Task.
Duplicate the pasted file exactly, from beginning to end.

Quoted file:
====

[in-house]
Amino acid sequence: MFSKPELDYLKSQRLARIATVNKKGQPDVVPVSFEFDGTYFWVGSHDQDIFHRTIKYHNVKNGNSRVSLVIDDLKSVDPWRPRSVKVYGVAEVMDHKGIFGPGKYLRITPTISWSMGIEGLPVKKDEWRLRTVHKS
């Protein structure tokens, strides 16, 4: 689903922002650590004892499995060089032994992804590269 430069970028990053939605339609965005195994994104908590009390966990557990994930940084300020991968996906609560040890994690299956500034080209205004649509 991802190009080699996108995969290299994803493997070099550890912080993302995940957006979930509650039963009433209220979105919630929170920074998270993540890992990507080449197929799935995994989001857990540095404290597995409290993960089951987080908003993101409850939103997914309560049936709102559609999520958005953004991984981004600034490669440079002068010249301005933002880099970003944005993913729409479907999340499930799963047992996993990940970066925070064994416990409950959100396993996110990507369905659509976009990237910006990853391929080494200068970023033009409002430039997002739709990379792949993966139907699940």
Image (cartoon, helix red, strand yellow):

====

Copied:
[in-house]
Amino acid sequence: MFSKPELDYLKSQRLARIATVNKKGQPDVVPVSFEFDGTYFWVGSHDQDIFHRTIKYHNVKNGNSRVSLVIDDLKSVDPWRPRSVKVYGVAEVMDHKGIFGPGKYLRITPTISWSMGIEGLPVKKDEWRLRTVHKS
């Protein structure tokens, strides 16, 4: 689903922002650590004892499995060089032994992804590269 430069970028990053939605339609965005195994994104908590009390966990557990994930940084300020991968996906609560040890994690299956500034080209205004649509 991802190009080699996108995969290299994803493997070099550890912080993302995940957006979930509650039963009433209220979105919630929170920074998270993540890992990507080449197929799935995994989001857990540095404290597995409290993960089951987080908003993101409850939103997914309560049936709102559609999520958005953004991984981004600034490669440079002068010249301005933002880099970003944005993913729409479907999340499930799963047992996993990940970066925070064994416990409950959100396993996110990507369905659509976009990237910006990853391929080494200068970023033009409002430039997002739709990379792949993966139907699940």
Image (cartoon, helix red, strand yellow):